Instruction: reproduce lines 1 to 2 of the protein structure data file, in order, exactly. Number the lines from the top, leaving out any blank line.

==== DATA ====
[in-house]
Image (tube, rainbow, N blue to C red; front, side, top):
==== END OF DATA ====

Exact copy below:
[in-house]
Image (tube, rainbow, N blue to C red; front, side, top):